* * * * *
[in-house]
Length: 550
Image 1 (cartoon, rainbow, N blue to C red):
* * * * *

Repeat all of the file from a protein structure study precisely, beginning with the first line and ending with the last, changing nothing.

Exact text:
[in-house]
Length: 550
Image 1 (cartoon, rainbow, N blue to C red):